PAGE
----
Louis Armstrong, summoned by King Oliver, came up to Chicago in the summer of 1922, Buster Bailey reports that “Louis upset Chicago. All the musicians came to hear Louis. What made Louis upset Chicago so? His execution, for one thing, and his ideas, his drive. Well, they didn’t call it drive, they called it ‘attack’ at the time. Yes, that’s what it was, man. They got crazy for his feeling.”
His feeling. Even toward the end of his life, when many of the same tunes would be played night after night, month after month, Louis could still, as trombonist Trummy Young remembers, make a sideman cry.
His feeling. Billie Holiday, a young girl in Baltimore, listening to Louis’s recordings: “He didn’t say any words, but somehow it just moved me so. It sounded so sad and sweet, all at the same time. It sounded like he was making love to me. That’s how I wanted to sing.”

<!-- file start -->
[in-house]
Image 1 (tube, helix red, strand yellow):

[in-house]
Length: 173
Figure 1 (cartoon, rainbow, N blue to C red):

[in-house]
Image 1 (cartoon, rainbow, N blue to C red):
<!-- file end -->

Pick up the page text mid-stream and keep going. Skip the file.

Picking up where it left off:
There has been no jazz musician so widely, deeply, durably influential as Louis. And no trumpet player who could do all he could do on the horn. Once, Louis told journalist Gilbert Millstein, “I’m playin’ a date in Florida, livin’ in the colored section and I’m playin’ my horn for myself one afternoon. A knock come on the door and there’s an old, gray-haired flute player from the Philadelphia Orchestra, down there for his health. Walking through that neighborhood, he heard this horn, playing Cavalleria Rusticana, which he said he never heard phrased like that before. To him it was as if an orchestra was behind it.”